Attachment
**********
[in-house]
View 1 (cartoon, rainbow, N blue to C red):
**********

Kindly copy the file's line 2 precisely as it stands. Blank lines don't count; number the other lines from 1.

View 1 (cartoon, rainbow, N blue to C red):